Fcγ receptors are a family of cell-surface receptors that are expressed by a host of different innate and adaptive immune cells, and mediate inflammatory responses by binding the Fc portion of immunoglobulin G. In humans, five low-affinity receptors are encoded by the genes FCGR2A, FCGR2B, FCGR2C, FCGR3A, and FCGR3B, which are located in an 82.5-kb segmental tandem duplication on chromosome 1q23.3, which shows extensive copy-number variation (CNV). Deletions of FCGR3B have been suggested to increase the risk of inflammatory diseases such as systemic lupus erythematosus and rheumatoid arthritis (RA). In this study, we identify the deletion breakpoints of FCGR3B deletion alleles in the UK population and endogamous native American population, and show that some but not all alleles are likely to be identical-by-descent. We also localize a duplication breakpoint, confirming that the mechanism of CNV generation is nonallelic homologous recombination, and identify several alleles with gene conversion events using fosmid sequencing data. We use information on the structure of the deletion alleles to distinguish FCGR3B deletions from FCGR3A deletions in whole-genome array comparative genomic hybridization (aCGH) data. Reanalysis of published aCGH data using this approach supports association of FCGR3B deletion with increased risk of RA in a large cohort of 1,982 cases and 3,271 controls (odds ratio 1.61, P = 2.9×10-3 ).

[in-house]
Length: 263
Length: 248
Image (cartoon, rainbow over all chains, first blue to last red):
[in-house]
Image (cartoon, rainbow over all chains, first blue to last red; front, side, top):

Keywords: CNV; FCGR3B; Fcγ receptors; copy-number variation; deletion; rheumatoid arthritis.
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